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  1. Al Mackey

    Black Confederates in Newspapers split from Searching for Black Confederates by Kevin Levin

    If we're to consider the definitions in place at the time, confederates themselves did not consider blacks to be either soldiers or combatants, at least until the final weeks of the war.
  2. Al Mackey

    Black Confederates in Newspapers split from Searching for Black Confederates by Kevin Levin

    Superseded by confederate law authorizing mustering African Americans as musicians, cooks, and teamsters to allow white men to be the soldiers.
  3. Al Mackey

    Black Confederates in Newspapers split from Searching for Black Confederates by Kevin Levin

    Nearly every time some idiot claims the war had nothing to do with slavery they also bring up the black confederate myth. The two go hand-in-hand. Which do you think did not believe what they were printing? Which of the articles you posted are ones you believe are "clearly false?" No, it's...
  4. Al Mackey

    Searching for Black Confederates by Kevin Levin

    I know that's not the type of answer you're looking for. Instead of giving you a fish, I'm trying to teach you how to fish. I'm trying to get you to go through the thought process involved in analyzing a source and its evidence.
  5. Al Mackey

    Searching for Black Confederates by Kevin Levin

    Think about the differences between newspapers then and newspapers now, especially during wartime, and the difference in internal politics between the United States and the confederacy.
  6. Al Mackey

    Searching for Black Confederates by Kevin Levin

    Yes, there is good reason to doubt it, but I'm trying to see if you will do even the most rudimentary analysis of it.
  7. Al Mackey

    Searching for Black Confederates by Kevin Levin

    I gave you the text of his assertion earlier in this thread.
  8. Al Mackey

    Searching for Black Confederates by Kevin Levin

    Bruce Levine cites the Richmond Examiner, March 27, 1865.
  9. Al Mackey

    Searching for Black Confederates by Kevin Levin

    So what conclusions can we draw about the report regarding African Americans in Mobile supposedly enlisting enthusiastically and in great numbers?
  10. Al Mackey

    Searching for Black Confederates by Kevin Levin

    No one said they are automatically discarded. I guess more time reading and studying is necessary though.
  11. Al Mackey

    Searching for Black Confederates by Kevin Levin

    I see some of us have some things to learn about newspapers of the time.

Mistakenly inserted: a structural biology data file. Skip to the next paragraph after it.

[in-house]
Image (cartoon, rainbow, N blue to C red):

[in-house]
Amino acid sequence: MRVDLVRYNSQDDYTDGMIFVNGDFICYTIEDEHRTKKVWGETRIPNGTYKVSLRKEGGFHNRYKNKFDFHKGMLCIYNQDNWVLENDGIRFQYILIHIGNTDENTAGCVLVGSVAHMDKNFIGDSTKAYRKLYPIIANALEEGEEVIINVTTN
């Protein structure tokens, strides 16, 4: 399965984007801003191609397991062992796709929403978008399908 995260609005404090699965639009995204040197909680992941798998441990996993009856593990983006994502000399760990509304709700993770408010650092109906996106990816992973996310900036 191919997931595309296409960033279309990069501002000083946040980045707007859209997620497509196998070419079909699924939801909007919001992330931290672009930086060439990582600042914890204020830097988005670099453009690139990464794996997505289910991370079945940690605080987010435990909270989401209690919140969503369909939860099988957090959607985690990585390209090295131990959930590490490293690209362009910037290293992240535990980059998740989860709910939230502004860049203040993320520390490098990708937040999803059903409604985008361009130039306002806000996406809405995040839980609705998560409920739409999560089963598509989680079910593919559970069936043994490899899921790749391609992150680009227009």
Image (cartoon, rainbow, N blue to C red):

12. Al Mackey

    Searching for Black Confederates by Kevin Levin

    And what do we know about the newspapers of the time?
  13. Al Mackey

    Searching for Black Confederates by Kevin Levin

    Respected opponent is incorrect: "The two hospital companies alone beat that number-" Wrong as usual. The guy in charge said only 60 volunteered at Jackson Hospital. You apparently don't understand what the word "would" means. Winder Hospital apparently has no officially reported results, while newspaper reports are...
  14. Al Mackey

    Searching for Black Confederates by Kevin Levin

    "Only in Richmond is there solid evidence of any units of black Confederate soldiers ever forming. Those units were recruited from two sources. One was the staff of two local hospitals--Winder and Jackson. In mid-February, surgeon F. w. Hancock of Jackson Hospital assembled seventy-two slaves...
  15. Al Mackey

    Searching for Black Confederates by Kevin Levin

    As usual, the above carefully and dishonestly cherrypicked snippet has the purpose of attempting to deceive the reader. Here's what Levin actually wrote: Notice he left out that the claims are the mythical black confederates were fighting in racially integrated units in order to try to...
  16. Al Mackey

    A People's History of the United States by Howard Zinn

    The book really doesn't get into the Civil War. Zinn takes a decidedly nontraditional approach. He has a lot to say about slavery as a national sin, and he has a lot to say about continued oppression after the putative end of slavery. What little he does talk about the Civil War is focused on...
  17. Al Mackey

    A People's History of the United States by Howard Zinn

    I read it and enjoyed it immensely, even though I disagreed with a number of his conclusions. It really made me think and revisit all I knew and thought I knew about American History. It's a profitable use of one's time if only because he considers perspectives that are usually ignored.
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